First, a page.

A PHILIPPINE official has called on governments to uphold the human rights of migrants regardless of their immigration status.
Philippine Labor and Employment Undersecretary Bernard P. Olalia aired the Philippines’ call on the first day of the three-day Asia-Pacific Regional Preparatory Meeting (RPM) for the Global Compact on Safe, Regular and Orderly Migration (GCM) in Bangkok from November 6 – 8.
The RPM is organized by the United Nations Economic and Social Commission for Asia and the Pacific (UNESCAP). Undersecretary Olalia is Co-Leader of the Philippine Delegation to the meeting.
He stressed that “the GCM should contain the affirmation of the human rights of all migrants, regardless of their immigration status.”
“Migrants should be empowered and seen as agents of development,” he added.
He emphasized that “migration has been a primordial concern of the Philippines for the past 40 years and the protection of the rights and promotion of the welfare and interest of its migrants has been deeply embedded in its foreign policy.”
“Migrants should be recognized and acknowledged for their positive contribution to the development of countries of origin and destination. The GCM should facilitate greater labor mobility and social and financial inclusion of migrants,” Olalia added.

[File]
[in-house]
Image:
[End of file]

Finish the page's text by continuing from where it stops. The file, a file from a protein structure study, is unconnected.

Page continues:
The Asia Pacific region accounts for 102 million international migrants. According to UNESCAP, migrants’ remittances in the region are estimated to reach USD 276 billion this year. One fourth of the GDP of Kyrgyzstan, Tajikistan and Nepal are derived from remittances of their international migrants.
UNESCAP is the regional development arm of the United Nations for the Asia-Pacific region. Established in 1947, UNESCAP has 53 member States and 9 associate members. Its geographical scope stretches from Turkey in the west to the Pacific island nation of Kiribati in the east, and from the Russian Federation in the north to New Zealand in the south. It is the largest UN body serving the Asia-Pacific. Its headquarters is in Bangkok, Thailand.